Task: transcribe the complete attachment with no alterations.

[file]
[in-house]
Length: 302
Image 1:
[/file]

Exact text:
[in-house]
Length: 302
Image 1: